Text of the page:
Ali cleared his throat, and we returned to our carpets while the second and third relays round the pans were satisfied. One little thing, of five or six, in a filthy smock, sat there stuffing solemnly with both hands from first to last, and, at the end, with swollen belly and face glistening with grease, staggered off speechlessly hugging a huge unpicked rib in triumph to its breast.
In front of the tent the dogs cracked the dry bones loudly, and Mifleh’s slave in the corner split the sheep’s skull and sucked out the brains. Meanwhile, Abd el Kader sat spitting and belching and picking his teeth. Finally, he sent one of his servants for his medicine chest, and poured himself out a draught, grumbling that tough meat was bad for his digestion. He had meant by such unmannerliness to make himself a reputation for grandeur. His own villagers could no doubt be browbeaten so, but the Zebn were too near the desert to be measured by a purely peasant-measure. Also to-day they had before their eyes the contrary example of Sherif Ali ibn el Hussein, a born desert-lord.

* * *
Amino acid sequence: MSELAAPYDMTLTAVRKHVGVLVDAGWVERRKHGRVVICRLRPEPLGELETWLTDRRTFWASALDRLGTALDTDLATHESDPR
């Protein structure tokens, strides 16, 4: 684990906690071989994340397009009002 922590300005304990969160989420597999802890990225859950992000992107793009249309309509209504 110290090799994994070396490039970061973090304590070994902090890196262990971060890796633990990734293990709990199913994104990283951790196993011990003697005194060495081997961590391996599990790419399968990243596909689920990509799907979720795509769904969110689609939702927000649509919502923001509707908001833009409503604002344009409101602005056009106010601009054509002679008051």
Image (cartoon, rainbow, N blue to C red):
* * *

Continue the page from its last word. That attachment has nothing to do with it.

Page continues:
His fashion of rising all at once from the food was of the central deserts. On fringes of cultivation, among the semi-nomadic, each guest slipped aside as he was full. The Anazeh of the extreme north set the stranger by himself, and in the dark, that he be not ashamed of his appetite. All these were modes; but among the considerable clans the manner of the Sherifs was generally praised. So poor Abd el Kader was not understood.
He took himself off, and we sat in the tent-mouth, above the dark hollow, now set out in little constellations of tent-fires, seeming to mimic or reflect the sky above. It was a calm night, except when the dogs provoked one another to choral howlings, and as these grew rarer we heard again the quiet, steady thudding of the heavy guns preparing assault in Palestine.
To this artillery accompaniment we told Mifleh that we were about to raid the Deraa district, and would be glad to have him and some fifteen of his tribesmen with us, all on camels. After our failure with the Howeitat, we had decided not to announce our plain object, lest its forlorn character dissuade our partisans. However, Mifleh agreed at once, apparently with haste and pleasure, promising to bring with him the fifteen best men in the tribe and his own son. This lad, Turki by name, was an old love of Ali ibn el Hussein; the animal in each called to the other, and they wandered about inseparably, taking pleasure in a touch and silence. He was a fair, open-faced boy of perhaps seventeen; not tall, but broad and powerful, with a round freckled face, upturned nose, and very short upper lip, showing his strong teeth, but giving his full mouth rather a sulky look, belied by the happy eyes.